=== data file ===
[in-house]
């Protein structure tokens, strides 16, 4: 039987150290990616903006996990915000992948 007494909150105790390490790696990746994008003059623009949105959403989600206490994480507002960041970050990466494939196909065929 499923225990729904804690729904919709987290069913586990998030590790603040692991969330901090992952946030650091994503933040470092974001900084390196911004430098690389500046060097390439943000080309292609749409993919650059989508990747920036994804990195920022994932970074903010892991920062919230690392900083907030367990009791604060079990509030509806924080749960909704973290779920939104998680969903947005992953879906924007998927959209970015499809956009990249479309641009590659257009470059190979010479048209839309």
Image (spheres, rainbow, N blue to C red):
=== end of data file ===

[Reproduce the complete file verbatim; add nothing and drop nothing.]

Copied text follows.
[in-house]
């Protein structure tokens, strides 16, 4: 039987150290990616903006996990915000992948 007494909150105790390490790696990746994008003059623009949105959403989600206490994480507002960041970050990466494939196909065929 499923225990729904804690729904919709987290069913586990998030590790603040692991969330901090992952946030650091994503933040470092974001900084390196911004430098690389500046060097390439943000080309292609749409993919650059989508990747920036994804990195920022994932970074903010892991920062919230690392900083907030367990009791604060079990509030509806924080749960909704973290779920939104998680969903947005992953879906924007998927959209970015499809956009990249479309641009590659257009470059190979010479048209839309």
Image (spheres, rainbow, N blue to C red):